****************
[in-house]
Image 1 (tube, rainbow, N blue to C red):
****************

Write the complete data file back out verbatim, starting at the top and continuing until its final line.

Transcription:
[in-house]
Image 1 (tube, rainbow, N blue to C red):